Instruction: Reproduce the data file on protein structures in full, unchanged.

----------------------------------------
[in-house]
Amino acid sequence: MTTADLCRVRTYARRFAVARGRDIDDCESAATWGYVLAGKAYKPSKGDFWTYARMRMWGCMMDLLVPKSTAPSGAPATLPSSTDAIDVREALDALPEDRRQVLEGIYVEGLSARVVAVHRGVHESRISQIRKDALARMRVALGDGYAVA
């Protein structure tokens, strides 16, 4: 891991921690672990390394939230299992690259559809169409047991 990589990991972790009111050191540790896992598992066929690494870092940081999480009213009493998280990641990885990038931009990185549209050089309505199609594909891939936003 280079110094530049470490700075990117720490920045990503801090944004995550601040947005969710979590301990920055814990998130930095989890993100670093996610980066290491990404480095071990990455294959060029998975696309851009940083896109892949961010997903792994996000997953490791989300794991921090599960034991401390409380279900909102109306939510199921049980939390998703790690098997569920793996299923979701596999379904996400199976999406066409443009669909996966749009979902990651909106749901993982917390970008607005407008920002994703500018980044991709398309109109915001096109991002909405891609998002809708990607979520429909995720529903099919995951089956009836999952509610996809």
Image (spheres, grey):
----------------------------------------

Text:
[in-house]
Amino acid sequence: MTTADLCRVRTYARRFAVARGRDIDDCESAATWGYVLAGKAYKPSKGDFWTYARMRMWGCMMDLLVPKSTAPSGAPATLPSSTDAIDVREALDALPEDRRQVLEGIYVEGLSARVVAVHRGVHESRISQIRKDALARMRVALGDGYAVA
């Protein structure tokens, strides 16, 4: 891991921690672990390394939230299992690259559809169409047991 990589990991972790009111050191540790896992598992066929690494870092940081999480009213009493998280990641990885990038931009990185549209050089309505199609594909891939936003 280079110094530049470490700075990117720490920045990503801090944004995550601040947005969710979590301990920055814990998130930095989890993100670093996610980066290491990404480095071990990455294959060029998975696309851009940083896109892949961010997903792994996000997953490791989300794991921090599960034991401390409380279900909102109306939510199921049980939390998703790690098997569920793996299923979701596999379904996400199976999406066409443009669909996966749009979902990651909106749901993982917390970008607005407008920002994703500018980044991709398309109109915001096109991002909405891609998002809708990607979520429909995720529903099919995951089956009836999952509610996809």
Image (spheres, grey):